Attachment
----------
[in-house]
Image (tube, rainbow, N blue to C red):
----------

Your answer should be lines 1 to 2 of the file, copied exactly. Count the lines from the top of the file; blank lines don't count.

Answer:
[in-house]
Image (tube, rainbow, N blue to C red):